Predictive utility of an emergency department decision support tool in patients with active suicidal ideation
AuthorsBoudreaux, Edwin D
Allen, Michael H.
Goldstein Grumet, Julie
Silverman, Morton M.
Barton, Bruce A.
Formica, Scott W.
Camargo, Carlos A.
UMass Chan AffiliationsDepartment of Quantitative Health Sciences
Department of Psychiatry
Department of Emergency Medicine
Document TypeJournal Article
Behavior and Behavior Mechanisms
Health Information Technology
Health Services Administration
Psychiatry and Psychology
MetadataShow full item record
AbstractEmergency department (ED) clinicians routinely decide the disposition of patients with suicidal ideation, with potential consequences for patient safety, liability, and system costs and resources. An expert consensus panel recently created a 6-item decision support tool for patients with passive or active suicidal ideation. Individuals scoring a 0 (exhibiting none of the tool's 6 items) are considered "lower risk" and suitable for discharge, while those with non-0 scores are considered "elevated risk" and should receive further evaluation. The current study tested the predictive utility of this tool using existing data from the Emergency Department Safety Assessment and Follow-up Evaluation. ED patients with active suicide ideation (n = 1368) were followed for 12 months after an index visit using telephone assessment and medical chart review. About 1 in 5 patients had attempted suicide during follow-up. Because of the frequency of serious warning signs and risk factors in this population, only three patients met tool criteria for "lower risk" at baseline. The tool had perfect sensitivity, but exceptionally low specificity, in predicting suicidal behavior within 6 weeks and 12 months. In logistic regression analyses, several tool items were significantly associated with suicidal behavior within 6 weeks (suicide plan, past attempt) and 12 months (suicide plan, past attempt, suicide intent, significant mental health condition, irritability/agitation/aggression). Although the tool did not perform well as a binary instrument among those with active suicidal ideation, having a suicide plan identified almost all attempters while suicide plan and past attempt identified over four-fifths of near-term attempts.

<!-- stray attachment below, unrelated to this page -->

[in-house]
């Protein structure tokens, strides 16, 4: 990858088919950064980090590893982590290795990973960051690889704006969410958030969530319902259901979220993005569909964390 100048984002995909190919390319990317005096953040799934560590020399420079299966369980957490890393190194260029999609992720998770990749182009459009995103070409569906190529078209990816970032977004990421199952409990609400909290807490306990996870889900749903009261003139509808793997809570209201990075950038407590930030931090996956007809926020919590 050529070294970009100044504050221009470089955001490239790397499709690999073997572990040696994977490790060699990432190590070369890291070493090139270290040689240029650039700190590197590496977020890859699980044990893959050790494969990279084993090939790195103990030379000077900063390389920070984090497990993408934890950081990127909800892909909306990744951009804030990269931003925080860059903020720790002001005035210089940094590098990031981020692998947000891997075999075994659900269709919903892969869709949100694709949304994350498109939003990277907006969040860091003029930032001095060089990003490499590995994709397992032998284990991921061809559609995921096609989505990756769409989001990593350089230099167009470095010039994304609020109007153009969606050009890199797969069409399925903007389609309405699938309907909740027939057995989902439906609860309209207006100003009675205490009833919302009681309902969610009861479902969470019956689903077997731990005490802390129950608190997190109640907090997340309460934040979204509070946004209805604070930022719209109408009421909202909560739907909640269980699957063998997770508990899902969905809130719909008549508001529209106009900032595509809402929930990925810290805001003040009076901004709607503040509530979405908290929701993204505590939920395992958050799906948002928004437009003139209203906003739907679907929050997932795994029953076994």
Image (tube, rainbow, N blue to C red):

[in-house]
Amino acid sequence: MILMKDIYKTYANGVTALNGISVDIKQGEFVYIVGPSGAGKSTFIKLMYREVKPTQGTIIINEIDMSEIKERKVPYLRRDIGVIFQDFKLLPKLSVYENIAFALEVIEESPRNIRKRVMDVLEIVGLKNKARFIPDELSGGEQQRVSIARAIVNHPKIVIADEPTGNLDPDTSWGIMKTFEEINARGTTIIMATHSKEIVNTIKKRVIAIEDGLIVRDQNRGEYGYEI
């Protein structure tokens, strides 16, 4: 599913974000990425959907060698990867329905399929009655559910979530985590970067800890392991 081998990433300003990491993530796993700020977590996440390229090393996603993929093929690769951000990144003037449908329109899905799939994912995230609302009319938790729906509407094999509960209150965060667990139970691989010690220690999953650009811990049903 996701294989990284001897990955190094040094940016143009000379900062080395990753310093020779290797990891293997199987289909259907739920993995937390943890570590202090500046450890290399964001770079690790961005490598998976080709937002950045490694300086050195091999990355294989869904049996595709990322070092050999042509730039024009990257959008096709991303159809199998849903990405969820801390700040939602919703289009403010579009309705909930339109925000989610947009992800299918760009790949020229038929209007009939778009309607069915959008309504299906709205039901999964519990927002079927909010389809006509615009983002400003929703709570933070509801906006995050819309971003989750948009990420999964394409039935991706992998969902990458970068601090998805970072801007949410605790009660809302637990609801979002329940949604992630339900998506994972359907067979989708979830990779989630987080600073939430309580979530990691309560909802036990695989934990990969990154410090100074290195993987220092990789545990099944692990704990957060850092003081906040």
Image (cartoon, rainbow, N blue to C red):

Psychol Serv. 2018 Aug;15(3):270-278. doi: 10.1037/ser0000236. Link to article on publisher's site
Permanent Link to this Itemhttp://hdl.handle.net/20.500.14038/28479